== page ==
Biography of Enrique A. Laguerre (1906-VVVV)

Narrator, playwright, columnist, and Puerto Rican educator, born in Moca's olive neighborhood (in the Western region of Puerto Rico) in 1906. Considered one of the great utopian reformers of the American continent, has left printed a valuable literary testimony that pursuing the modernization of all the Antillean geographical area through literacy and education of its people. His sincere identification with the everyday problems of his compatriots (especially, the inhabitants of rural areas) Enrique A. Laguerre have turned into one of the most beloved writers of his people, who on several occasions has unanimously endorsed his nomination as candidate for the Nobel Prize for literature.

Life.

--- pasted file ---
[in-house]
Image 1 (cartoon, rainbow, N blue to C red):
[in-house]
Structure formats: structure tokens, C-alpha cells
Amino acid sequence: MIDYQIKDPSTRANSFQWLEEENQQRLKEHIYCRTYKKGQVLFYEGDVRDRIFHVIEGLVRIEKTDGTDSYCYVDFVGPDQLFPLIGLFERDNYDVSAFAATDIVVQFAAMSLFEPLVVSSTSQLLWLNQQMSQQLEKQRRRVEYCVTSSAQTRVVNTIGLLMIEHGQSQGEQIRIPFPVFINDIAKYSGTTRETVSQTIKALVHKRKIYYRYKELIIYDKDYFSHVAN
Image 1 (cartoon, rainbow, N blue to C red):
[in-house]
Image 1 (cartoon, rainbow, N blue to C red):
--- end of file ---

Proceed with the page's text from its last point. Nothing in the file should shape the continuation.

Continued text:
Born in the bosom of a wealthy family (was the son of Doña Antonia Vélez and don Juan Laguerre, possessors of a plantation of coffee in which the young Henry grew, and which would then take abundant material for her fiction narratives), he/she did his primary and secondary studies in Isabela and Aguadilla, where soon stood out for his great intellectual gifts and his extraordinary interest in the humanistic disciplines. Thus, soon began to collaborate in some cultural (such as index and Revista de las Antillas) periodic publications which, at the time that opened it its pages, woke him his Puerto Rican conscience and sense of attachment to the soil that had seen him birth.